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image: Could a Dose of Sunshine Make You Smarter?

Could a Dose of Sunshine Make You Smarter?

By Ruth Williams | May 17, 2018

Moderate ultraviolet light exposure boosts the brainpower of mice thanks to increased production of the neurotransmitter glutamate.  

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The extracellular matrix appears to inhibit regeneration; but scientists debate whether heart muscle really comes back.  

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image: How Bacteria Eat Penicillin

How Bacteria Eat Penicillin

By Shawna Williams | April 30, 2018

Scientists work out the specific genes and biochemical steps required for digesting the very drugs designed to kill microbes.

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image: Worms’ Magnetic Sense Questioned

Worms’ Magnetic Sense Questioned

By Abby Olena | April 25, 2018

Unsuccessful attempts to reproduce the results of a 2015 study reporting that C. elegans orient themselves by Earth’s magnetic field spark debate among researchers.

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image: Preterm Labor May Be Sparked by Fetal Immune Reaction

Preterm Labor May Be Sparked by Fetal Immune Reaction

By Ruth Williams | April 25, 2018

Immune cells targeting maternal antigens are abundant in the blood of premature infants, suggesting fetal intolerance of mom may instigate early labor.  

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Rather than getting a gene for its original function, a horizontal gene transfer provides the raw material for evolutionary innovation.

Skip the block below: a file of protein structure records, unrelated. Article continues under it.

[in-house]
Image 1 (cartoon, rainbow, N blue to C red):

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Authors of a new study suggest that 520-million-year-old structures, previously identified as the brains of ancient arthropods, are instead preserved microbial biofilms.

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image: Frogs Fight Back From Fungal Attack

Frogs Fight Back From Fungal Attack

By Ruth Williams | March 29, 2018

A decade after chytridiomycosis killed scores of amphibians in Panama, some species are recovering. New research indicates why.  

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image: Bees’ Molecular Responses to Neonicotinoids Determined

Bees’ Molecular Responses to Neonicotinoids Determined

By Catherine Offord | March 22, 2018

Researchers pinpoint a protein that can metabolize at least one of the insecticides, highlighting a route to identifying compounds that are friendlier to the critical pollinators.

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image: Monitoring Mutations with Microfluidics

Monitoring Mutations with Microfluidics

By Ruth Williams | March 15, 2018

A device dubbed the “mother machine” enables real-time observation of mutagenesis in single bacterial cells.  

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